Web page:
“Trump has talked like a would-be authoritarian since day one. … This is the first clear warning sign that he’s attempting to [act like one].”
Those are the words not of a Democratic political operative or a fringe liberal Trump critic, but of Yascha Mounk, a respected scholar of democracy at Harvard, reacting to Preisdent Trump’s abrupt firing of FBI Director James Comey.
Comey’s firing sparked immediate questions in the press — Is this Watergate? Will Trump be impeached? — all of which are legitimate and serious questions. But they’re not answerable now. In the meantime, all we have to go on is what we know to have happened: The president fired the person who was investigating him and his associates.
To people who study the rise of authoritarian leaders, just those facts alone are terrifying.
“This is very common — in semi-authoritarian and authoritarian regimes,” Erica Chenoweth, a professor at the University of Denver, tells me. “Purges, summary firings, imprisonment: These are all things that authoritarian leaders do when they attempt to rid themselves of rivals within government.”
Comey’s firing, these political scientists say, fits a pattern that’s very common in democracies that collapse into authoritarianism in the modern era. It’s not that the elected leaders in these countries set out to become an authoritarian, per se. It’s that they care about their own power and security above all else, and do things to protect their own position that have the effect of removing democratic constraints on their power.
One of the first steps in this pattern is weakening independent sources of power that can check the executive’s actions. Like, say, the director of your domestic security service who just happens to be investigating your administration’s foreign ties.
Trump “has what you might think of as autocratic tendencies, which were probably perfectly normal in the business world but are very problematic in the political world,” says Sheri Berman, a professor at Barnard College. “What he would like to do is eliminate all sources of opposition to him — indeed, even sources of criticism of him — and he’s willing to do pretty much anything to do that.”
Now, before you worry that the United States is going to go the way of Turkey or Russia, it’s worth noting that the institutions checking Trump are far stronger than the ones in countries where democracy has collapsed. The courts, the press, and social movements have all done a pretty good job checking Trump’s power so far; even Congress, by far the most Trump-subservient institution, has blocked some of his policy proposals and appointees.
But the Comey firing is by far the greatest test of the strength of American democracy in the face of Trump’s authoritarian instincts so far. Whether American institutions keep up their strong performance in the face of this stress test may well determine its fate.
The new authoritarianism
When most people think about the collapse of democracy, they think about the Nazis, or maybe a military coup. In both cases, a leader comes to power with the explicit goal of taking a democratic system and replacing it with an authoritarian one. They then immediately pass laws banning dissent and use force to shut down all sources of political opposition.
That actually doesn’t happen very much anymore. Outright fascist movements were mostly discredited after World War II, and data on military coups shows a clear decline in their frequency since a peak in the 1960s.
But in the past 20 years or so, we’ve started to see a new kind of creeping authoritarianism emerge in places around the world — something that, in the wake of Trump’s recent actions, now has ominous parallels to the United States.
Leaders in these kinds of countries — Viktor Orbán in Hungary, Recep Tayyip Erdoğan in Turkey, and both Hugo Chávez and Nicolás Maduro in Venezuela — don’t come into power and immediately dissolve the legislature and get rid of elections. What they do is corrupt those institutions, slowly and over time, rendering legislatures powerless and elections not truly competitive.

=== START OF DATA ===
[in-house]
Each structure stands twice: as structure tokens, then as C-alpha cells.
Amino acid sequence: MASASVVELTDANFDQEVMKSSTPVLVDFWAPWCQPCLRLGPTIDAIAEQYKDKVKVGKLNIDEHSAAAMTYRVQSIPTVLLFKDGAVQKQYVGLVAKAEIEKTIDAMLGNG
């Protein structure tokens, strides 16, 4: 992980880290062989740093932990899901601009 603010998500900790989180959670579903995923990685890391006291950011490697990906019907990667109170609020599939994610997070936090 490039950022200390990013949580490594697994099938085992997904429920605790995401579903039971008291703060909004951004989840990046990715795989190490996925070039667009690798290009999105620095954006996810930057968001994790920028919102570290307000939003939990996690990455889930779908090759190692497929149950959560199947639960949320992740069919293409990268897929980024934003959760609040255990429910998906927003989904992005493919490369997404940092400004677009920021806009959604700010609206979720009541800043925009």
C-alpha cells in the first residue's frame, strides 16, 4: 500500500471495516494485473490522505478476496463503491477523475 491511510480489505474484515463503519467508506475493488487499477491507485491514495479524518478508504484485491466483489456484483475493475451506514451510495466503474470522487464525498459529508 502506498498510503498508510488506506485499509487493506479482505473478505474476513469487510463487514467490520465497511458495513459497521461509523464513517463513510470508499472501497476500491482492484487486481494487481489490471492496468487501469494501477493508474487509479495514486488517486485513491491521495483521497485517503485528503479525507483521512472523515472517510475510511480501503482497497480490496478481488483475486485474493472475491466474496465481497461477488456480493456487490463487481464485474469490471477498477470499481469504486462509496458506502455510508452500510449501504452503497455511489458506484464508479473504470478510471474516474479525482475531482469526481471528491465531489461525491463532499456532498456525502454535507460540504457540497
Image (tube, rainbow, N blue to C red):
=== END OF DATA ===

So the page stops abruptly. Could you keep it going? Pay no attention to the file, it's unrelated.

“It looks the same from the outside — there’s elections, there’s a judiciary, there’s a bureaucracy,” Berman says. “But the sort of power centers within those things, the people who populate them, have changed dramatically, so that … the substance of true democratic competition, true power competition, no longer exists.”
The vital first step toward this kind of “soft authoritarianism” is unified control over every key part of government. That starts with personnel: You can’t corrupt a judiciary staffed with impartial judges, or suborn election officials who are truly committed to running free and fair contests.
Instead, you need to fire people at key pressure points and replace them with cronies, or weaken the institution’s formal abilities to the point where it can’t really provide effective oversight.
“What would-be authoritarians do when they get into power is systematically undermine the functioning of independent state institutions,” Mounk says. “That is what Hugo Chávez did in Venezuela, by trying to break the power of independent electoral commissions, of the courts, and, over time, every institution in the state.”
This is what makes the firing of Comey so scary for these scholars.
Dismissing the head of a national law enforcement agency is extremely rare, both in the United States and in other advanced democracies worldwide. Only one prior FBI director, William Sessions in 1993, has been fired in the 82-year history of the modern FBI, and that was because of a protracted corruption scandal involving his alleged abuse of government resources for his own personal use.
There’s a reason FBI directors don’t get fired. The bureau handles, among many other things, criminal investigations involving the executive branch, so its leader needs to be as nonpartisan and clear of influence as possible. That’s why FBI directors have 10-year terms and are generally asked to stay on by new administrations, even if the director was appointed under a president of the opposing party.
As far as we can tell, the White House’s stated justification for Comey’s firing — his handling of the Clinton email scandal and Trump’s increasing lack of confidence in Comey’s ability to do his job — is completely bogus. Reports from inside the administration suggest that it’s all about the Russia investigation, and that the email stuff was just a pretext. Multiple outlets have reported that Comey asked for more money for the Russia investigation last week, and was turned down.
Comey was fired, it seems, precisely because his FBI posed a threat to Trump’s authority. Trump is doing exactly what new authoritarians do in the early stages of their leadership.
The danger from Trump isn’t an authoritarian plot. It’s his instincts.
It’s important not to get too paranoid here. There is no secret Trump plot to undermine American democracy, no premeditated plan to turn America into Gilead from The Handmaid’s Tale.
But the thing is, modern authoritarians generally don’t have that kind of sinister blueprint. “They’re winging it,” Chenoweth says, bluntly.